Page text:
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Dover Post
  • New school year brings change to Dover area school districts

  • Whether it’s a new Dover High building or new staff members at Polytech, the start of the 2014-2015 school year will mean changes for each public school district in the Dover area.
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  • Whether it’s a new Dover High building or new staff members at Polytech, the start of the 2014-2015 school year will mean changes for each public school district in the Dover area.
    Here we take a look at the most dramatic change affecting each district:
    CAPITAL SCHOOL DISTRICT
    By far the biggest change in the Capital School District is the new Dover High School.
    The journey towards a new high school began back in 2007, when the district purchased the property where the new 290,000-square-foot school is today. That process will culminate Thursday when the $114 million building will be occupied by the entire student body for the first time.
    “In almost every community across the nation, a high school is a centerpiece, not only for the school district, but also for the community, and Dover is no different,” Superintendent Michael Thomas said.
    The new school offers state of the art technology, plenty of natural light and adequate space for playing fields, all things that the old lacked.
    “I think this shows kids the expectations of community for their education,” Thomas said. “That’s a very significant thing.”
     
    POLYTECH HIGH SCHOOL
    When students enter Polytech High School for the first day of school on Aug. 25, they may notice that their school has gotten a bit bigger.
    A newly-constructed auditorium, auxiliary gym, and career and technical classrooms have been added. Portions of the main school building also have been renovated.
    “I think everybody is going to be very excited to see all of the new spaces we have,” Assistant Superintendent Mark Dufendach said. “[This expansion has] enabled us to upgrade our career and technical program to really be current with state-of-the-art equipment and will really help students excel and meet their needs of finding productive employment or furthering their academic work.”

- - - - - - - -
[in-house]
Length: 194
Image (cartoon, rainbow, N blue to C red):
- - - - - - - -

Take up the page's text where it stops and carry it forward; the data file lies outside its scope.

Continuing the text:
The addition involves two separate spaces. The auditorium, which is surrounded by career and technical education classrooms, made up one 54,000-square-foot addition while the 10,000-square-foot auxiliary gym was added as a separate space. The career and technical classrooms will house classes in electronics, computer programming, media and broadcasting and ROTC.
    In addition to the new spaces, some old spaces at Polytech were renovated. New bleachers and refinished floors were added in the main gym, fire safety and security systems were upgraded and the school’s nursing and dental labs were updated.
    Construction began in the fall of 2012 and the project will be complete in time for the start of school, Dufendach said.
     
    LAKE FOREST SCHOOL DISTRICT
    Page 2 of 2 - In school districts across Delaware, this will be the first year for full implementation of Common Core standards and the first year that the Smarter Balanced Assessment will be administered.
    Common Core is a set of state standards that aims to create a common set of standards across the United States. Smarter Balanced is the assessment that gauges student progress under Common Core.
    “I think anytime we raise expectations of learning for students, which I feel Common Core has done, it’s a good thing that prepares them for the 21st century and for post-secondary education or to go right into the work place,” Lake Forest Superintendent Jason Conway said. “I think we, as educators, have to think about how to better prepare our students for those types of skill sets. I think our shift to Common Core, as many states have shifted, is raising the level of expectations and academic rigor.”
    The biggest challenge in converting to Smarter Balanced will be transitioning from the Delaware Comprehensive Assessment System to the new test, Conway said.
    “The way we’re preparing kids for the assessment is by providing good instruction that uses a curriculum that implements Common Core,” he said. “We’re not doing anything different to prepare kids to do well on the assessment. It’s all about good instruction and using curriculum that’s aligned to the Common Core and that makes kids successful.”

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